Kroells excels on, off mat

Michael Kroells is a wrestler and an aerospace engineering major.

Danny Chen

After two-time NCAA champion Tony Nelson graduated last spring, the Gophers wrestling program had a vacant starting spot at the heavyweight position.

Redshirt sophomore Michael Kroells has taken Nelson’s spot and has big shoes to fill.

The wrestling team has had 22 individual national championships, and seven of them have been heavyweights.

Kroells, who is 2-0 to start the season, has a chance to add to that winning tradition.

Head assistant coach Brandon Eggum said Kroells has a chance to become great because of his discipline.

“He spends a lot of time working with the coaching staff and looking at himself as a wrestler and figuring out what his weaknesses are,” Eggum said. “Those are the things that are necessary if he wants to be a great heavyweight.”

Passion for wrestling

Kroells’ father introduced him to wrestling in first grade, and he decided to give it a shot.

“I was not very good as a young kid, but as I got older, I started to do a lot better,” Kroells said.

He kept with wrestling throughout his life and realized as a freshman in high school that he might be able to compete at the collegiate level.

“In high school, I [just] wanted to win a state championship,” Kroells said. “I was not even ranked my freshman year, but I ended up placing in the state tournament. … I was like, ‘Wow, I still have three years left. I still have a lot of time to [get better].’ That’s when I realized that I could make a career out of [wrestling] and use it to get into college.”

More than 10 schools, including Central Michigan and Wyoming, were trying to recruit him.

 But he already had the choices narrowed down to two: Cornell and Minnesota.

“I knew Cornell had a great academic program, and they had a pretty good history for wrestling too. [But] Minnesota being my home-state school, and a powerhouse even when I was in high school, eventually drew me here,” Kroells said.

As he committed to Minnesota for wrestling, Kroells had another big decision to decide on — his major.

An academic challenge

Coming into Minnesota, Kroells said he knew that he wanted to do something related to science and math, but he wasn’t entirely sure what that was.

“When you fill [forms] out for college, the applications would always ask you what you wanted to do. When I was in high school, I didn’t know what I wanted to do exactly. I had no idea, and so I just … picked chemical engineering.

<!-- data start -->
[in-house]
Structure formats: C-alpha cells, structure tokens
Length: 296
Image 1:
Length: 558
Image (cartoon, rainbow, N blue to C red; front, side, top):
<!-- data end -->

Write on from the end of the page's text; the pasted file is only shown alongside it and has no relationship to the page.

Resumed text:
However, once he arrived to Minnesota for orientation, Kroells realized that he wanted to do something more physics-related.

“People made aerospace [engineering] sound like one of the toughest majors in the engineer department,” Kroells said. “So, I thought that I might as well try out one of the harder ones. If it doesn’t work out, I can always drop out of it.”

But he hasn’t dropped out. He’s excelled and achieved a 4.0 GPA in past semesters.

Kroells said he’s glad he made the decision to stick with aerospace engineering.

Roommate and teammate Brett Pfarr, who has known Kroells since fourth grade, said Kroells is very intelligent, but he also puts in a lot of work.

“Every night, he would do three, four hours of homework, and he is very committed to [it],” Pfarr said. “He is a smart guy, but he definitely puts a lot of effort towards his classes.”

Goal for the season

Even though Kroells isn’t in the top-8 right now, he said it doesn’t make a huge difference to him.

“I definitely expect myself to be an All-American this year, but I’ll be honest [that] I am not there yet. … I have a whole year to keep improving. I know that as long as I keep getting better, the results that I want will come eventually,” he said.

Eggum said Kroells has potential to become an All-American, but there are still things he needs to improve on.

“He’s got to get better on top, he’s got to be able to be quicker at getting away, and he has to be able to score more points for the team,” Eggum said. “He has already proven that he can compete with the best heavyweights in the country, but the big thing is that he has to show that he can be consistent and stream together a handful of good wins.”